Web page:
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The minutes of the last Fed meeting were released last night, and the coverage today is all about a 'more hawkish than expected' Federal Reserve. πŸ‘‡

Hawkish Fed signals it may have to raise rates sooner to fight inflation
A β€œvery tight” job market and unabated inflation might require the Federal Reserve to raise interest rates sooner than expected and begin reducing its overall asset holdings as a second brake on the economy, U.S. central bank policymakers said in their meeting last month.

"This is news. This is more hawkish than expected," said David Carter, chief investment officer at Lenox Wealth Advisors in New York.

False narrative or genuine?

Let's take a look at the charts. Below is the December 2022 Fed Funds futures contract. This is generally used as a guide to where markets think the Federal Funds Rate will be at any given point in time, in this case December 2022.

Note how much of the move towards higher rates was priced in the period between the red lines (after the meeting on December 15th, and before the minutes were released).

What's the chart showing?

You subtract the figure from 100 to get the idea of where the market thinks the rate will be on contract expiry. In this case:

100 - 99.15 = 0.85%

Or you can take a look at CME's FedWatch Tool for the probabilistic view:


Obviously, these are implied rates, not perfect measures, but still a decent gauge of expectations.

Anyway, onto the point. The idea that this came as a shock to markets doesn't really stand up to scrutiny.

Markets have 'expected' approximately three Fed rate hikes this year for a while, and that didn't drastically change yesterday. It was just more of the same.

From the minutes:

"Participants pointed to a number of signs that the U.S. labor market was very tight, including near-record rates of quits and job vacancies, as well as a notable pickup in wage growth," the minutes said.
"Many participants judged that, if the current pace of improvement continued, labor markets would fast approach maximum employment."

Wednesday's ADP report of +807,000 jobs certainly added credibility to that viewpoint.

U.S. private payrolls surge as Omicron threat looms over economy
U.S. private payrolls increased more than expected in December, pointing to underlying labor market strength, but skyrocketing COVID-19 infections could slow momentum in the months ahead.

And tomorrow's NFP could strengthen the case even further.

Back to the minutes:

"Participants generally noted that, given their individual outlooks for the economy, the labor market, and inflation, it may become warranted to increase the federal funds rate sooner or at a faster pace than participants had earlier anticipated.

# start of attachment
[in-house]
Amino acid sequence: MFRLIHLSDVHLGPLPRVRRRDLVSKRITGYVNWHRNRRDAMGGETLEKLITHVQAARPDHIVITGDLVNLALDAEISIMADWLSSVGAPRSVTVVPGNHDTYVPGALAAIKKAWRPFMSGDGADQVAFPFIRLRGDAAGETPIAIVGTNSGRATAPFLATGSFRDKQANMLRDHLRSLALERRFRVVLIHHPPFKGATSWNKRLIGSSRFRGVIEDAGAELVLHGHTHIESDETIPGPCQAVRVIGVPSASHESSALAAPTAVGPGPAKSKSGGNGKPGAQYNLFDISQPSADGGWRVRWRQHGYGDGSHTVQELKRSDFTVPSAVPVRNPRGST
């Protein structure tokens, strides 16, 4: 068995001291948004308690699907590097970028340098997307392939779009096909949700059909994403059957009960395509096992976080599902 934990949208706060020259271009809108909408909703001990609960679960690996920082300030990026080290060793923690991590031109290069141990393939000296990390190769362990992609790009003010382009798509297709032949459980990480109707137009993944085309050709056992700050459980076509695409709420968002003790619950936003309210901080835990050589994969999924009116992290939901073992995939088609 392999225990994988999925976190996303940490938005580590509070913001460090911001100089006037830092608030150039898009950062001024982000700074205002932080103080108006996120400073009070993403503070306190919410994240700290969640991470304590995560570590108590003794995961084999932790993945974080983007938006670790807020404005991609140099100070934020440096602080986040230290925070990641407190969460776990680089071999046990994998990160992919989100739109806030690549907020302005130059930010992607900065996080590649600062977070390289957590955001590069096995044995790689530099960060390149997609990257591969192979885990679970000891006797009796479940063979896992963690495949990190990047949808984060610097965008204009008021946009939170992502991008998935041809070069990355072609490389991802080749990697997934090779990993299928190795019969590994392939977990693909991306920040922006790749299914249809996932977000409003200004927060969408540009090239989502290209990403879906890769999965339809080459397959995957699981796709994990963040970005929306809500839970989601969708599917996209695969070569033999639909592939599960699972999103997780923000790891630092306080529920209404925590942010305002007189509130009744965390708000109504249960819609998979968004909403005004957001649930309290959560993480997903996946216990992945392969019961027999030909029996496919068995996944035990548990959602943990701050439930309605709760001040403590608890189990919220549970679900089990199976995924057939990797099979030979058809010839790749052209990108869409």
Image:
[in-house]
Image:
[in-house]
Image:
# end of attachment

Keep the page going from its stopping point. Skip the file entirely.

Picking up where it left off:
Perhaps as soon as March, when the QE taper ends? Got to raise a smile that the Fed are already talking about quantitative tightening, even though they still haven't finished quantitative easing yet πŸ‘‡

"Some participants also noted that it could be appropriate to begin to reduce the size of the Federal Reserve's balance sheet relatively soon after beginning to raise the federal funds rate,"

The idea will likely centre around letting assets mature/expire, rather than outright selling. But even this is contentious.

Excellent read via Bloomberg here πŸ‘‡

Debate Emerges Over How to Shrink Fed’s $8 Trillion Bond Pile
Federal Reserve officials have begun debating how to approach shrinking a stockpile of more than $8 trillion of bonds as a key element of a policy-normalization campaign in the wake of unprecedented moves to shore up the economy during the pandemic.

Effectively, the Fed could end up 'managing' the yield curve to stimulate lending, rather than relying completely on rate hikes as the policy tool.

β€œsome” policy makers made the point that relying more on balance-sheet contraction than on rate hikes could help to limit a flattening in the yield curve. That’s when short-term rates rise by more than longer-term ones.
In theory, by shrinking its bond holdings, the Fed could prop up longer-term yields.
Relying less on rate hikes would meantime reduce the amount by which short-term rates rise.
β€œA few of these participants raised concerns that a relatively flat yield curve could adversely affect interest margins” for lenders, the minutes said, referring to a sub-group of those favoring greater reliance on balance-sheet measures. Such a yield curve β€œmay raise financial stability risks,” according to these officials.
A study by economists at the Federal Reserve Bank of Kansas City released in October made a similar argument -- β€œwe conclude that normalizing the balance sheet before raising the funds rate might forestall yield curve inversion and, in turn, support economic stability.”


  • By hiking less, short term rates wouldn't rise as quickly
  • By reducing the balance sheet, longer term rates could rise
  • A steeper curve increases lender margins (difference between short and long term rates) so they'll keep on lending while interest rates (gradually?) return to 'normal'.

That's the theory.

Some argue the Fed could create financial instability by withdrawing liquidity from the treasury markets, in a repeat of the 2017-19 period.

Either way, the debate around rate hikes is becoming more nuanced, and there'll be a lot of communication to come from the Fed this year as they try to manage their way out of it.

This Fed 101 guide from Wells Fargo will come in very handy.


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